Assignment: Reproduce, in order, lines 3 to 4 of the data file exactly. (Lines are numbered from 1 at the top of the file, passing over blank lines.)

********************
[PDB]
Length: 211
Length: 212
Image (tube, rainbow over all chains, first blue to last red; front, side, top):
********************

Length: 212
Image (tube, rainbow over all chains, first blue to last red; front, side, top):